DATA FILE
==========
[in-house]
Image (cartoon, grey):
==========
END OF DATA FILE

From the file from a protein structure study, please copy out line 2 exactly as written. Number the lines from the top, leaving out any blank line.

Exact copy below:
Image (cartoon, grey):